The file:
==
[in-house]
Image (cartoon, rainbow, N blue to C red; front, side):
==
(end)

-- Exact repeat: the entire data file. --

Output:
[in-house]
Image (cartoon, rainbow, N blue to C red; front, side):